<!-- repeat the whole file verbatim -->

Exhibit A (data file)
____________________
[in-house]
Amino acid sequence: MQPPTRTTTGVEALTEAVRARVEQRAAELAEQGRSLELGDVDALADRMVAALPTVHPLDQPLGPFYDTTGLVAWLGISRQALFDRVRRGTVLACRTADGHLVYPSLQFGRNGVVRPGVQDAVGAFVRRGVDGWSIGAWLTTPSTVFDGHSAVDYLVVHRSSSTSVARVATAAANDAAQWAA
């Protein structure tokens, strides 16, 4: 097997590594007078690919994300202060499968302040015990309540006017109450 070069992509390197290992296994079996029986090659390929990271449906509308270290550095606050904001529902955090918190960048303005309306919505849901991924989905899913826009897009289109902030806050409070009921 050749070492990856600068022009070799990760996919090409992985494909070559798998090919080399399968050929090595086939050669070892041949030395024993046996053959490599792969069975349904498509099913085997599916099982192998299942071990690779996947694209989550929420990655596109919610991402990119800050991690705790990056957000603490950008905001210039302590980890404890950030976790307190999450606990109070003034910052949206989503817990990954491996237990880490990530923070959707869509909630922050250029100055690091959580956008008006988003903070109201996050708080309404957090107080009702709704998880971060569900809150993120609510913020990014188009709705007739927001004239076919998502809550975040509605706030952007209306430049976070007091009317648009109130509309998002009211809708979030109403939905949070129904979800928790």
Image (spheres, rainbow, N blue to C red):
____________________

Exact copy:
[in-house]
Amino acid sequence: MQPPTRTTTGVEALTEAVRARVEQRAAELAEQGRSLELGDVDALADRMVAALPTVHPLDQPLGPFYDTTGLVAWLGISRQALFDRVRRGTVLACRTADGHLVYPSLQFGRNGVVRPGVQDAVGAFVRRGVDGWSIGAWLTTPSTVFDGHSAVDYLVVHRSSSTSVARVATAAANDAAQWAA
């Protein structure tokens, strides 16, 4: 097997590594007078690919994300202060499968302040015990309540006017109450 070069992509390197290992296994079996029986090659390929990271449906509308270290550095606050904001529902955090918190960048303005309306919505849901991924989905899913826009897009289109902030806050409070009921 050749070492990856600068022009070799990760996919090409992985494909070559798998090919080399399968050929090595086939050669070892041949030395024993046996053959490599792969069975349904498509099913085997599916099982192998299942071990690779996947694209989550929420990655596109919610991402990119800050991690705790990056957000603490950008905001210039302590980890404890950030976790307190999450606990109070003034910052949206989503817990990954491996237990880490990530923070959707869509909630922050250029100055690091959580956008008006988003903070109201996050708080309404957090107080009702709704998880971060569900809150993120609510913020990014188009709705007739927001004239076919998502809550975040509605706030952007209306430049976070007091009317648009109130509309998002009211809708979030109403939905949070129904979800928790």
Image (spheres, rainbow, N blue to C red):